- BORN: January 8, 1947. London, UK
- GENRES: Rock, glam, pop
- YEARS ACTIVE: 1962-present
Famously, David Bowie has changed styles with more frequency than a Parisian fashion house. All the more impressive, then, that his catalogue - the most wide-ranging in popular music by some stretch - comes indelibly marked with his unique signature.
Ostensibly, there's very little that unites, say, 1971’s Hunky Dory and 1997’s Earthling, either in terms of sound, theme or vision. But, taking his cue from pop artist Andy Warhol, Bowie significantly advanced the rock-star-as-brand concept, uniting it with a musical credo that insisted, sometimes jarringly so, on constant change. The approach has spawned numerous imitators – from Madonna to U2 – though none with a trademark of such quality that classic sets such as Let’s Dance and Young Americans fall short of inclusion here...(continues below)
TOP TEN ALBUMS
It’s a feat that even the similarly prolific Rolling Stones would struggle to rival. But unlike the Stones, who rarely swerve far from the rock’n’roll highway, Bowie has revelled in the scenic route: Dylan-inspired poetic pop (David Bowie), dystopian disco (Station To Station), piano-pumping songsmithery (Hunky Dory), subterranean rock’n’roll pastiche (…Ziggy Stardust…), cold wave trailblazer (Low) and, memorably, mainstream pop idol (Let’s Dance).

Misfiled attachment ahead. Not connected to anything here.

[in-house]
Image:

“I don’t know where I’m going from here, but I promise it won’t be boring.”
Let’s not forget that for much of his first decade, Bowie’s creative antennae were largely attuned to the guessing game of pop trending clairvoyancy. But after July 1973, when Ziggy risked all by killing off the Spiders at the peak of his glam-era infamy, Bowie’s career has largely been a series of deliberate, elaborately staged vignettes. Not every makeover has been blessed with his best balance of vision and bravado, as the continued ridicule heaped upon his mid- and late-’80s work confirms. These momentary lapses of taste aside, and as his excellent, emotional 2013 comeback album The Next Day only confirmed, Bowie has never been a bland brand - always a class act.